My Sportsman: Joey Cheek

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Sports Illustrated will announce its choice for Sportsman of the Year on Dec. 2. Here's one of the nominations for that honor by an SI writer. For more essays, click here.

You haven't heard much from or about my 2008 Sportsman of the Year unless you've been haunting classrooms at Princeton University. That's where Joey Cheek, at 29 one of the older members of the class of 2011, is studying economics and Chinese. Just like him to double-major in a couple of real guts, huh?

Then again, the bread-and-butter sports fan might not have heard of Cheek even before that, since Cheek's sport, speed skating, appears on the American radar only once every four years and then only as a blip. A native of the frozen tundra of Greensboro, N.C., (he eventually found the ice after starting as an in-line skater) Cheek is the owner of all three varieties of Olympic medal, having won gold in the 500 and silver in the 1,000 at Turin in 2006 and bronze in the 1,000 in 2002 in Salt Lake City. He was also the world sprint champion in 2006.

Cheek last made headlines for something that happened off the ice -- the Chinese Embassy revoked his visa shortly before he was set to leave the U.S. for the Beijing Olympics. What prompted China's action was Cheek's involvement in Team Darfur, an organization of international athletes he co-founded to bring awareness to the crisis in Darfur, Sudan. Cheek's intention -- and he made no secret about it -- was to talk to athletes, the media and the public in Beijing about China's financial support of a government that has brutalized Darfur's people.

The visa revocation was news for a day or two but it died quickly, partly because IOC and USOC officials gave Cheek zero support. Olympic poohbahs have long been nervous about athletes making political statements, of course. Before the Beijing Games began the IOC issued a vague one-page memo outlawing any kind of "demonstration or political, religious or racial propaganda" in Olympic areas. That ignored the obvious fact that the nationalistic bent of the competition is one big political statement. Cheek's visa was revoked, plain and simple, because the Chinese government did not want to be embarrassed, and it used its bully pulpit to silence Cheek.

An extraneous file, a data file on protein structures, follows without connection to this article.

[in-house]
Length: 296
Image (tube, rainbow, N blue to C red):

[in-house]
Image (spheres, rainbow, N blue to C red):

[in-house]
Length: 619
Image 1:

"I believe that the Olympics is a great forum for discussing human rights," Cheek said after he was banned. "I think you can do that respectfully and within the rules that have been laid out by the IOC."

Of course you can. But not according to the USOC. "[Cheek] was not a part of our delegation here but he was attempting to come to the Games as a past Olympian and participate and watch these games," Jim Scherr, the CEO of the USOC, said after the visa news became public. "We think that it is unfortunate that he will not have that opportunity, but that's something between this government and Joey as a private citizen." Great stand, USOC, for a champion athlete who has appeared on a Wheaties box, received numerous humanitarian and sportsmanship awards and carried the flag in the closing ceremonies in Turin, an honor voted on by his U.S. teammates.

Cheek took his medicine like a man and will continue to work on human rights issues. Don't bet against him going to China again some day and addressing the issue, perhaps even in that country's native tongue.